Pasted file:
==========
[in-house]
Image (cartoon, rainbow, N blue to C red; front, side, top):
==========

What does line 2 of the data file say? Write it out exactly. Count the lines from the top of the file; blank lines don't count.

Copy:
Image (cartoon, rainbow, N blue to C red; front, side, top):